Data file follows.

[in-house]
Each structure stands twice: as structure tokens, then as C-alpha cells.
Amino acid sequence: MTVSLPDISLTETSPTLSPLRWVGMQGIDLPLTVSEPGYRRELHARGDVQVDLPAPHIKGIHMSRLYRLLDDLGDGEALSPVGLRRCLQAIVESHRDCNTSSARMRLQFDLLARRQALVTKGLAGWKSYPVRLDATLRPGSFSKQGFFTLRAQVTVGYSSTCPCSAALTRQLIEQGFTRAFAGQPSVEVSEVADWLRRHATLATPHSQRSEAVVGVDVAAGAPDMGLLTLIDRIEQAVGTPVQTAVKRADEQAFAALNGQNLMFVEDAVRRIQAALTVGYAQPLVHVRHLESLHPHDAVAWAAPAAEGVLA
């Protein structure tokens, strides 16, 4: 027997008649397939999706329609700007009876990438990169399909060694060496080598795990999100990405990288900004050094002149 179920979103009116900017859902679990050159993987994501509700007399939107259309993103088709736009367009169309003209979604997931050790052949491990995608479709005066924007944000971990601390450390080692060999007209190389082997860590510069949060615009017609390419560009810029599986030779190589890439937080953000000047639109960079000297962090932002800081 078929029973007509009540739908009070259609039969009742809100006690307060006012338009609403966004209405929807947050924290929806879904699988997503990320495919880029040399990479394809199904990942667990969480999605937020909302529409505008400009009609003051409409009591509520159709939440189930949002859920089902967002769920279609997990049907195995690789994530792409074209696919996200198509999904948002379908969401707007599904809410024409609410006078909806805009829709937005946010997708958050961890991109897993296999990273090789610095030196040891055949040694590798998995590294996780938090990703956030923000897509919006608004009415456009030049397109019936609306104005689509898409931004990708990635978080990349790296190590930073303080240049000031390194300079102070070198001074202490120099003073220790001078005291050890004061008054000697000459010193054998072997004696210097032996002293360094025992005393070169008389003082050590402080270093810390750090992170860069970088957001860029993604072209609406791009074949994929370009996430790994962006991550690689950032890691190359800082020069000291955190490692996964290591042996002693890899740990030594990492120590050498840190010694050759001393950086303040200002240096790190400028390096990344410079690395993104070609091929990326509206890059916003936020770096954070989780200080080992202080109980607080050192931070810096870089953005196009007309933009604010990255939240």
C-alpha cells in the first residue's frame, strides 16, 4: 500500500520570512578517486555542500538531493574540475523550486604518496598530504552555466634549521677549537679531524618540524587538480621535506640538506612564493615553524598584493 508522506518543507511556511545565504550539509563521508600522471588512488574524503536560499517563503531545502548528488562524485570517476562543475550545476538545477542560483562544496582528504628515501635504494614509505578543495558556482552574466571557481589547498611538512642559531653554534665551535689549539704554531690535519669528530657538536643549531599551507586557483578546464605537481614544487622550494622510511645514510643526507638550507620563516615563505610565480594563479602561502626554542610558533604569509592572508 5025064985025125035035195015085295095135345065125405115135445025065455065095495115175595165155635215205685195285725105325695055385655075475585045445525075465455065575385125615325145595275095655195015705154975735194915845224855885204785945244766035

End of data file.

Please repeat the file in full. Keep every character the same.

[in-house]
Each structure stands twice: as structure tokens, then as C-alpha cells.
Amino acid sequence: MTVSLPDISLTETSPTLSPLRWVGMQGIDLPLTVSEPGYRRELHARGDVQVDLPAPHIKGIHMSRLYRLLDDLGDGEALSPVGLRRCLQAIVESHRDCNTSSARMRLQFDLLARRQALVTKGLAGWKSYPVRLDATLRPGSFSKQGFFTLRAQVTVGYSSTCPCSAALTRQLIEQGFTRAFAGQPSVEVSEVADWLRRHATLATPHSQRSEAVVGVDVAAGAPDMGLLTLIDRIEQAVGTPVQTAVKRADEQAFAALNGQNLMFVEDAVRRIQAALTVGYAQPLVHVRHLESLHPHDAVAWAAPAAEGVLA
């Protein structure tokens, strides 16, 4: 027997008649397939999706329609700007009876990438990169399909060694060496080598795990999100990405990288900004050094002149 179920979103009116900017859902679990050159993987994501509700007399939107259309993103088709736009367009169309003209979604997931050790052949491990995608479709005066924007944000971990601390450390080692060999007209190389082997860590510069949060615009017609390419560009810029599986030779190589890439937080953000000047639109960079000297962090932002800081 078929029973007509009540739908009070259609039969009742809100006690307060006012338009609403966004209405929807947050924290929806879904699988997503990320495919880029040399990479394809199904990942667990969480999605937020909302529409505008400009009609003051409409009591509520159709939440189930949002859920089902967002769920279609997990049907195995690789994530792409074209696919996200198509999904948002379908969401707007599904809410024409609410006078909806805009829709937005946010997708958050961890991109897993296999990273090789610095030196040891055949040694590798998995590294996780938090990703956030923000897509919006608004009415456009030049397109019936609306104005689509898409931004990708990635978080990349790296190590930073303080240049000031390194300079102070070198001074202490120099003073220790001078005291050890004061008054000697000459010193054998072997004696210097032996002293360094025992005393070169008389003082050590402080270093810390750090992170860069970088957001860029993604072209609406791009074949994929370009996430790994962006991550690689950032890691190359800082020069000291955190490692996964290591042996002693890899740990030594990492120590050498840190010694050759001393950086303040200002240096790190400028390096990344410079690395993104070609091929990326509206890059916003936020770096954070989780200080080992202080109980607080050192931070810096870089953005196009007309933009604010990255939240």
C-alpha cells in the first residue's frame, strides 16, 4: 500500500520570512578517486555542500538531493574540475523550486604518496598530504552555466634549521677549537679531524618540524587538480621535506640538506612564493615553524598584493 508522506518543507511556511545565504550539509563521508600522471588512488574524503536560499517563503531545502548528488562524485570517476562543475550545476538545477542560483562544496582528504628515501635504494614509505578543495558556482552574466571557481589547498611538512642559531653554534665551535689549539704554531690535519669528530657538536643549531599551507586557483578546464605537481614544487622550494622510511645514510643526507638550507620563516615563505610565480594563479602561502626554542610558533604569509592572508 5025064985025125035035195015085295095135345065125405115135445025065455065095495115175595165155635215205685195285725105325695055385655075475585045445525075465455065575385125615325145595275095655195015705154975735194915845224855885204785945244766035